Former student hacker jailed for selling university exam answers
A former student has been sentenced to 20 months in prison for hacking into a university computer system and selling answers to exams for thousands of pounds.
Hayder Aljayyash, 29, was studying for a Master’s degree in embedded system design at the University of South Wales.
He had pleaded guilty at a hearing at Cardiff Crown Court to breaking into the university’s IT system between November 2017 and May 2019.
Aljayyash, who was born in Iraq and had sought asylum in Britain, remained undetected for 18 months by using “very sophisticated” techniques, the court heard.
He recruited his housemate and fellow student Noureldien Eltarki, 30, to find students to buy the exam answers.
Eltarki, who was born in Libya, also plead guilty and was given a nine-month suspended sentence and ordered to do 200 hours of unpaid work for agreeing to sell the unlawfully obtained exam answers.
Mathematics lecturer Liam Harris suspected that something was amiss while marking an exam in May 2019.
He found that a number of students had answered the questions using the exact solutions – with five students even copying the typing mistakes – from his original working papers, prosecuting barrister Jim Davis said.
The university then set up a “war room” to investigate the situation and ascertain the size of the data breach. About 140 million log records were processed, which identified an IP address linked to a house in Brook Street, Treforest.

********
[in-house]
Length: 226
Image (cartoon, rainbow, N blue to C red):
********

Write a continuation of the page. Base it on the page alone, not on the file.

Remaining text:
The house was where Aljayyash and Eltarki were both living.
Police arrested Aljayyash on 30 May 2019, and seized his USB sticks and a laptop that held “numerous files which matched those downloaded as part of the university breach,” Mr Davis said.
About £17,000 was also seized, news website Wales Online reported.
Aljayyash used staff log-in details – acquired using a “sophisticated key logging device – to access the network almost 700 times, the court heard.
It was found that he had hacked the system to download 216 files that were exam papers, coursework, marking, and reports.
The court heard Aljayyash made about £20,000 in total, including £6,500 from one second-year student. Aljayyash paid Eltarki £300 or £400 each time for finding students to buy the stolen papers.
Sentencing Aljayyash, Judge Wynn Morgan told the defendant had “obvious talent and skill,” but that his actions were motivated by “financial greed”.
He called the scheme “very sophisticated” and said it had “damaged the reputation” of the university, which spent £100,000 on its investigation and new security measures.
The court heard Aljayyash was “ashamed” of his actions, and that he has been intent on “helping use the internet for good” by volunteering at a charity shop fixing laptops and helping other asylum seekers to learn how to use technology.
Susan Ferrier, who defended Eltarki, told the court that he had realised he had made as “stupid a decision”.
Judge Wynn Morgan told Eltarki that the “scheme was evidently not your idea – but you attempted making money on the side which is self-evidently wrong”.
Aljayyash plead guilty to three counts of obtaining articles by unauthorised access to computers and two counts of committing an act to impair reliability of data in computer. Eltarki plead guilty to money laundering and transferring criminal property.